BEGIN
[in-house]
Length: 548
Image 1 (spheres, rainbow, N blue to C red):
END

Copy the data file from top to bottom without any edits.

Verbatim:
[in-house]
Length: 548
Image 1 (spheres, rainbow, N blue to C red):